Every so often a lawyer with a small firm will ask me what to do about providing employees with paid sick days. The practice is much more common in large firms, but many lawyers have come to expect it as a perk no matter how big their firms are. (To be clear, I’m talking about paid-time-off policies, not legally required unpaid leave like the Family and Medical Leave Act.) Many larger firms allow their employees to accumulate and bank their leave, saving it up for a rainy day, as it were. Some have the days expire after a certain time, while others allow the days to survive until the end of an employee’s tenure.
That’s fine at large, wealthy firms, who can well afford to pay people not to work. But what about small firms, where a person’s absence is more likely to have an impact? How many days of paid sick leave should a small law firm’s policy permit?
My answer might surprise you. Not ten days a year. Not five. Not even three.
Zero. Small law firms shouldn’t have a policy of any days of paid sick leave a year.
But before you set your comment phasers to “kill,” give me a chance to explain.…
The case for same-sex marriage should rest less upon dollars and cents and more upon fundamental principles of fairness (as recently argued by Professor Jaye Cee Whitehead in a New York Times op-ed piece). But it’s certainly the case that money matters should not be overlooked when it comes to marriage equality.
We’ve previously discussed a non-salary benefit that we’ve nicknamed the gay gross-up. Here’s one concise definition: “A ‘gross-up’ for employees who enroll same-sex partners in the Firm’s health benefits plans to offset any federal, state and local income taxes paid on the value of the partners’ benefits which heterosexual spouses are not subject to.” (Currently gay couples in which partners receive employer-provided health benefits are taxed on the value of those benefits, due to the fact that, thanks to the Defense of Marriage Act (DOMA), federal law — including federal tax law — doesn’t recognize same-sex unions.)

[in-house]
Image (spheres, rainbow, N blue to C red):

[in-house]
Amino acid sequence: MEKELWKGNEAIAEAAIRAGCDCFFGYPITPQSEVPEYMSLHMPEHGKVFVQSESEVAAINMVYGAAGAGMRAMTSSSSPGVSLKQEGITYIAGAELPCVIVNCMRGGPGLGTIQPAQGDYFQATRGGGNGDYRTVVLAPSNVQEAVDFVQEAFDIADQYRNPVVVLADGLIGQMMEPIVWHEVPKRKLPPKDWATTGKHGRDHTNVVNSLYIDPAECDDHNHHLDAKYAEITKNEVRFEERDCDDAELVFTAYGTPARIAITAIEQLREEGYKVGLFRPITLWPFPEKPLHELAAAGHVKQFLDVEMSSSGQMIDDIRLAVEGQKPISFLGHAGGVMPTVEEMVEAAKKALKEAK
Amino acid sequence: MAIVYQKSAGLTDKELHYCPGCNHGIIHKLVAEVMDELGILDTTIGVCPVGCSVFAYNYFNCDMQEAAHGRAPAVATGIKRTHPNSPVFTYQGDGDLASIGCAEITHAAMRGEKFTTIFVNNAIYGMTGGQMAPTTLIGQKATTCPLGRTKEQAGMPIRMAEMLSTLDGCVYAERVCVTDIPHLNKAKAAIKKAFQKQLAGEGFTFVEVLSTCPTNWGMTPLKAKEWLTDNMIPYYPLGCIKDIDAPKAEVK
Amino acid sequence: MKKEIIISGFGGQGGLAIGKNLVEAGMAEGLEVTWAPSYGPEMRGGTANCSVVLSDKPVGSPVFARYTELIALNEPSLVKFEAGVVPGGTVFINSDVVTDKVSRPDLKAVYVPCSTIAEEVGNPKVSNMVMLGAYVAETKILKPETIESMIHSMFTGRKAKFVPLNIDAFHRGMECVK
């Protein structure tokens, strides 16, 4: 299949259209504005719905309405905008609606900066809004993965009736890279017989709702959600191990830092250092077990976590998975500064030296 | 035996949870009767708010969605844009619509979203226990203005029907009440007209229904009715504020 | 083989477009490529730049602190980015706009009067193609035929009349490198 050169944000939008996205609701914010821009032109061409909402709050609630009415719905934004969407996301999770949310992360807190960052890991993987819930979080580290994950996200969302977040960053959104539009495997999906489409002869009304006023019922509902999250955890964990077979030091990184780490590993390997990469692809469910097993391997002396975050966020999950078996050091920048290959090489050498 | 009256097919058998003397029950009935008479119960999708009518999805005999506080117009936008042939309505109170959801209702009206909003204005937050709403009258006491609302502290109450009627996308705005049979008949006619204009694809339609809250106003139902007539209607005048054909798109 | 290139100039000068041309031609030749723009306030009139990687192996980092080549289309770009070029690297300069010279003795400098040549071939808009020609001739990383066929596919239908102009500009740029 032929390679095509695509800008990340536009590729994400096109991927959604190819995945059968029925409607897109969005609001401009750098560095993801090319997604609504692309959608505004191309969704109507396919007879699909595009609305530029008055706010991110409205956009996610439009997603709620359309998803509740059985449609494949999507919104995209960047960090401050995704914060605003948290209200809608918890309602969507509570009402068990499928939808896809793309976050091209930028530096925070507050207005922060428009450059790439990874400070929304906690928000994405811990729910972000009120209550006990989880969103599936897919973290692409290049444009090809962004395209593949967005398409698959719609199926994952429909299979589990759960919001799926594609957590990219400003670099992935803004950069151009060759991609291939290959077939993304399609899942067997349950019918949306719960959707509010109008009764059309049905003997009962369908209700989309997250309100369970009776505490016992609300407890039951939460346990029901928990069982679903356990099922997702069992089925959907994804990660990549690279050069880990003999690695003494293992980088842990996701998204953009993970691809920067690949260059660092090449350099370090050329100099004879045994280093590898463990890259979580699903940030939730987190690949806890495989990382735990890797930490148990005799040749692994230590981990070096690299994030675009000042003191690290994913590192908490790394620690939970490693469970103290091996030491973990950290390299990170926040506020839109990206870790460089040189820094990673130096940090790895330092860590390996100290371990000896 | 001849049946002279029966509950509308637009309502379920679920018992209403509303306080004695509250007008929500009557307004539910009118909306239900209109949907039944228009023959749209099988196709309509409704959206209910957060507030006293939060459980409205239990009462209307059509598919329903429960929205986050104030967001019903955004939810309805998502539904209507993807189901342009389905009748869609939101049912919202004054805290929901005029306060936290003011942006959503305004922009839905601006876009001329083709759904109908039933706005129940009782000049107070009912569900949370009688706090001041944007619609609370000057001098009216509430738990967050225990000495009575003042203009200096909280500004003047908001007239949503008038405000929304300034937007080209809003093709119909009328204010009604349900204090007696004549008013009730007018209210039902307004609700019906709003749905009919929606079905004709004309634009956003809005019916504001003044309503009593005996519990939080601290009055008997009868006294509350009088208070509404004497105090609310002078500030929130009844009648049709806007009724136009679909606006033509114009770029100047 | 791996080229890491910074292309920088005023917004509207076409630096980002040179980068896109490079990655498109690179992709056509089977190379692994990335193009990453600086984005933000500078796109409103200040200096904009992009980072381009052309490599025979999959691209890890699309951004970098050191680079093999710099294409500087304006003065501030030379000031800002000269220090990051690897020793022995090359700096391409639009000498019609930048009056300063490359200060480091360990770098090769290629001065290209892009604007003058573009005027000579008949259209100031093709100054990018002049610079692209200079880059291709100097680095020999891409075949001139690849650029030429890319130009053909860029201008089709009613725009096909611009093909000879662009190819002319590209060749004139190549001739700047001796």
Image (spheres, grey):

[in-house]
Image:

The gross-up is not a perk that affects a huge number of employees, to be sure. But having it sends an important message about a firm’s commitment to equality and inclusion.
Where did we obtain that handy definition of the gross-up? From the benefits page of a top law firm that recently started offering this benefit. It’s one of two elite law firms that recently boarded the gay gross-up bandwagon….
There’s a very interesting debate coming out of Washington State: Should universities do more to provide child care for students with children? On Monday, parents across the University of Washington system brought their kids to class to protest the lack of child care options in the area.
It’s an important question. According to the Seattle Times, child care is the third-greatest barrier to completing a college degree.
Ed. note: This is the latest installment of Size Matters, one of Above the Law’s new columns for small-firm lawyers.
I am getting tired of hearing about all these large law firms and their unnecessary spring bonuses. This weekend I went on a trip with friends who all work in Biglaw, and the topic came up (and, in turn, everyone shared how he or she was going to spend that extra money).
One of my friends is planning on going on vacation to South America (sometime in 2019, when he has the time). Another told us that she is going to get “the Bentley of couches,” for the guest room in her giant condo. I did not have a similar Biglaw big-money story to share, so I instead shared my ideas for the top ten free activities I had planned for the spring. (In case you’re wondering, they are: 1. Breathe Air. 2. Walk. 3. Eat Free Samples At Whole Foods.)